Deflationary Collapse Looms–Public to Pay

imageI made the mistake of putting a market prediction out on this site a long while back – saying that I expected we would begin our next collapse around November 10.  I was wrong – early on that call, but as subscribers know, we’re always fine-tuning models.

Still, just because we’re early isn’t a bad thing.  The S&P closed yesterday below where it was on November 10, after all.  But the downside potential (although a Santa Rally is possible) is starting to look like a higher probability event.

The trend-leading Baltic Dry Index is down to 887 – so around those 2007-2008 levels.  This means seat belts should be fastened.

Right now, the only story in the markets is the collapse in the price of oil.  It was trading in the $59 range this morning.  Back when I expected the collapse to begin it was around $78.  Then, by November 15th, it was down to $75.  By the end of November, we had touched $65 and this morning we took out $60.

Two words for the critics of my call: Piss off.  Yes, Nov. 10 was a bit early.  Better a bit early than a second late.

Longwave economics is based on overall – general – moves of the economy.  .Individual stocks will always go to the moon, and there were stocks that rallied even in the Housing Bubble Collapse.

The Oil Collapse upon  us now will be interesting to see:  What $59 oil means (if you followed the links previously offered) was that drilling outfits would begin to “lay down” rigs in here.  And from there things will take a bit of time, but sure as a snowball on a mountain, there’s an oil price avalanche building.

No small portion of it can be laid at the dirty feet of the Republican Party:  The House passes a $1.1-trillion dollar spending bills which basically gives five major banks the opportunity to hold up the public again with another made-up crisis.

My friend and author Howard Hill (one of the world’s first financial engineers) explains that you have only to look at Greece to see how the public fleecing has gone global.

There, bonds were in trouble, so those who piled on to short positions made money.  And then, the bondholders were eventually made whole by the EU…which is what all that German Constitutional Court stuff was about:  Was it really a crisis when the bondholders didn’t lose, the short players made oodles, and the only loser was all citizens of the EU who had to pay for the wild-eyed gambling?

You tell me.

Consider the budget charade in Washington and this is particular:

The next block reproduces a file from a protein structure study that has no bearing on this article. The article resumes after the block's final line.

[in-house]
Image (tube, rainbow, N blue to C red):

Statement from FDIC Vice Chairman Hoenig on Congressional moves to repeal swaps push-out requirements

In 2008 we learned the economic consequences of conducting derivatives trading in taxpayer-insured banks. Section 716 of Dodd-Frank is an important step in pushing the trading activity out to where it should be conducted: in the open market, outside of taxpayer-backed commercial banks. It is illogical to repeal the 716 push out requirement. In fact, under 716, most derivatives — almost 95% — would not be pushed out of the bank. That is because interest rate swaps, foreign exchange and cleared credit derivatives can remain within the bank. In addition, derivatives that are used for hedging can remain in the bank. The main items that must be pushed out under 716 are uncleared credit default swaps (CDS), equity derivatives and commodities derivatives. These are, in relative terms, much smaller and where the greater risks and capital subsidy is most useful to these banking firms.

Derivatives that are pushed out by 716 are only removed from the taxpayer support and the accompanying subsidy of insured deposit funding — they will continue to exist and to serve end users. In fact, most of these firms have broker-dealer affiliates where they can place these activities, but these affiliates are not as richly subsidized, which helps explain these firms’ resistance to 716 push out.

Hill’s analysis? I don’t think he’d mind my sharing this with you:

Hoenig is Vice Chairman of the Fed.  He was put in that position by the Republican party, so this is no “liberal” take on things.  He made a statement about this move in the budget bill.  Note that only 5% of the bank derivatives book is being moved out under the pathetic “reform” called Dodd-Frank, but even that was too much for the banksters.  A good example of what gets to stay in the insured banks is the London Whale trade and others like it, on which JPM lost $7 billion, but they thought it was “only” $2 billion for at least a week after discovering it in a group that reported directly to the chairman of the bank.

Hopefully you read the Office of the Comptroller of the Currency quarterly derivatives report and have read Hill’s book so you can follow the notes of the public opera.

So now (with oil dropping) we get to sit back, wait to see who’s in trouble, then watch the pile on which should include the usual predictions of global economic collapse and along with it, the end of all life on earth.